2016 Scion FR-S
Let’s face it: Scion cars have, by and large been somewhat orthopedic in their design (the exception would be the tC, the exception that proves the rule as its stylishness gave it considerable attention and even credibility outside the expected audience), as in practical, straightforward. Consequently, someone who would be looking for something of a sporty performance car would be no more likely to go into a Toyota dealership (remember: Scion dealerships were contained within Toyota floor space, which made things all the more clever from a point of view of making it easier for dealers to swallow the trendy brand) than she would go to a gas station for sushi (she could, but it probably wouldn’t be a good idea).
Fundamentally, the market for cars like the FR-S is small. The sort of numbers that in the context of, say, the Ford F-Series (not that there is any correlation between the two vehicles other than that they both are vehicles with the letter “F” involved, but the F-Series sales are so extreme that it is fun to use it as a use case) probably aren’t noticed.
Looking at the sales for 2015, according to Autodata, there were 10,507 FR-S models sold. Its genetic relative, the Subaru BRZ: 5,296. What else would go into this space of two-door sporty cars that don’t cost a boatload? Honda CR-Z? 3,073 (although it is a hybrid and not as performance oriented). There’s the Nissan Z, but it is more expensive. Still, let’s throw that in: 7,391. There were 8,591 Mazda Miatas delivered in 2015.
Which is five cars with a total of 34,858 sold. It may be interesting to note that there were 33,329 Corvettes delivered, so arguably more expensive sporty two-doors have a better potential in the market.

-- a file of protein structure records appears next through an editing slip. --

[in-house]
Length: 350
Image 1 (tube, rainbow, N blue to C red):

Oh, and as for the F-Series: Well that was 780,354, or about 74 times more vehicles than the FR-S.
The FR-S is going away. So is Scion. But while Scion will completely go into the annals of car companies gone by, the FR-S is going to become a Toyota, the 86.
Well, that name harkens back to the Toyota AE86, which was produced from 1983 to 1987. The AE86 had a compact, light body (52.6-in. high, 64.0-in. wide, 165.5-in. long, with a curb weight ranging from 2,200 to 2,400 lb.); the models in North America had a 1.6-liter four-cylinder twin-cam engine that, in GT-S trim, produced 112 hp @ 6,600 rpm.
If you’re an enthusiast for Japanese compact sports cars you probably already knew that.
Until the 2017 86 gets here, there’s the 2016 FR-S.
This is a car that is meant to driven with alacrity. And it can be. It has a 200-hp 2.0-liter engine under its hood and the shift lever for a six-speed manual comes readily to hand (yes, there is an automatic available, too, but. . . .).
While some may do an eye-roll seeing the 200 hp, know that with said automatic the curb weight of the car is 2,758 pounds, so that’s a decent power-to-weight ratio for this rear-drive car.
At the risk of being an ageist, the FR-S is a young person’s car. No, this is not because Scion is all about being all pierced and tatted up and so on. Rather, because it is a car that takes a bit of limberness and finesse to simply climb into. Sure, you can carry an AARP card and drive one. But then you might have a bit of difficulty of climbing out of one.
(OK. People of all ages who like to drive rear-drive sports cars know that there are going to be more compromises than a limited number of cup holders and they are good with that.)
I once had the opportunity to drive an FR-S on a coned slalom course. I may have killed a cone or two. But I can’t recall too many times having much more fun.
Maybe that’s what the “F” stands for.
Engine: 2.0-liter DOHC, boxer four cylinder
Material: Aluminum block and head
Horsepower: 200 @ 7,000 rpm
Torque: 151 lb-ft @ 6,400 rpm
Transmission: Six-speed manual
Steering: Electric power
Wheelbase: 101.2 in.
Length: 166.7 in.
Width 69.9 in.
Height: 50.6 in.
Passenger volume: 76.5-cu. ft.
Curb weight: 2,758 lb.
EPA fuel economy: city/highway/combined: 22/30/25 mpg
The way people are going to get transportation is changing the world over. Get ready for it.
The previous-generation Hyundai Elantra (2010 to 2015) had the edgy Fluidic Sculpture design forming its sheet metal; it’s bigger brethren, the Sonata, was more visible in this regard, though the smaller size of the Elantra gave the skin a greater tautness than was the case on the Sonata.
It’s the fifth generation of a vehicle that has been increasing in sales year after year since its introduction in 1997.